This article is only available in the PDF format. Download the PDF to view the article, as well as its associated figures and tables.
Only a few years ago the surgeon scarcely dared to invade the sacred domain of the brain. Emboldened by the triumph of aseptic metheds in dealing with the surgery of the peritoneal cavity, it followed that the same principles might possibly triumph in the surgery of the meninges and brain. Today accurate results are reached in both, so that sepsis is practically eliminated, and dealings with the brain surgically will depend on intrinsic factors rather than extrinsic for the achievement of practical results. This was the sine qua non, without which all reports of results of operations, would be indefinite and unfit to give an adequate idea of the value of a surgical procedure applied to the brain, to achieve or fail in achieving a stated result.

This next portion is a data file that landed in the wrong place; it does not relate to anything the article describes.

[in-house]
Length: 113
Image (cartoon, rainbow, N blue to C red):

Taking it for granted, therefore, that asepsis has been maintained and considering the subject purely from an intrinsic standpoint, the object of this
LAPLACE E. IMPROVEMENT OF BRAIN FUNCTION BY SURGICAL INTERFERENCE. JAMA. 1897;XXIX(14):679–683. doi:10.1001/jama.1897.02440400015002e
Customize your JAMA Network experience by selecting one or more topics from the list below.
Create a personal account or sign in to: